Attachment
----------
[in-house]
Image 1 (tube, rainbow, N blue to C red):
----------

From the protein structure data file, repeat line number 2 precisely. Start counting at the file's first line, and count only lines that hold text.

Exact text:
Image 1 (tube, rainbow, N blue to C red):